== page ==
I would want my family and friends to know these things about Jesus.

I would tell them to read the gospels more, to look at Jesus, trust him, and then go do what he does.

A Tribute to Brennan Manning

brennanOne of the people who have heavily shaped and influenced my life and Christian walk passed away yesterday. Brennan Manning showed me that the God of the universe was more than some distant authoritarian being, but a Father who wanted me to call Him Abba which distinguishes me as His child, a part of His family. Now you got to understand I never met Brennan Manning. I never heard him speak at a conference or sat in a lecture by him, and I never attempted to meet him. His influence on me was through his writing. I first started reading his books while I was in Bible college. One of my professors made a couple of Brennan’s books required reading, and once I cracked open the pages of his books, it was no longer required reading for me... Brennan Manning also taught me to depend on God’s grace day by day and moment by moment. He purposed me to live a life defined by having an awareness that I am deeply loved by Jesus. My true identity is found in Jesus and that it was a gift, not anything I deserved or could buy, but it was offered to me for free - The Father’s grace...

Brennan Manning’s influence profoundly molded my view the reconciliation of my old life to the new life I have in Jesus. Even to this day when I struggle with the demons of my past, I reflect on not only the words of Jesus, but also on thoughts written by Manning, such as...

“My deepest awareness of myself is that I am deeply loved by Jesus Christ and I have done nothing to earn it or deserve it.” - Brennan Manning, Ragamuffin Gospel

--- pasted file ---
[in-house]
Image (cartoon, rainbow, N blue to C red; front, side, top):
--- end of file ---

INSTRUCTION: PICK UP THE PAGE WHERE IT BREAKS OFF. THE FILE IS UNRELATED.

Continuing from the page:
“To live by grace means to acknowledge my whole life story, the light side and the dark. In admitting my shadow side I learn who I am and what God's grace means.” - Brennan Manning

Becoming aware of my need for redemption from the dark shadows of my life, one that is given not earned, reminds me that it is through this painful life that we find love and acceptance from Abba, Father. In turn, Manning spoke of this grace being something that is not selfishly kept, but desperately shared. In his book The Wisdom of Tenderness, Manning speaks of the true measure of our love for God is seen in our love for our neighbor. Our understanding of God’s love for us is when we seek to have our heart broken and concerned for the things that God cares about. Grace is something to be shared not something to keep. Manning wrote that The Father’s grace is for the hurting and not for the well. Manning states in his book Abba’s Child: The Cry of the Heart for Intimate Belonging, “Our hearts of stone become hearts of flesh when we learn where the outcast weeps.”  May we all have a heart like The Father’s and take life moment by moment like Brennan Manning.

Thank you Brennan Manning you have shaped my life through your writing! You have shown me I am loved by my Abba, Father and the need to live gracefully.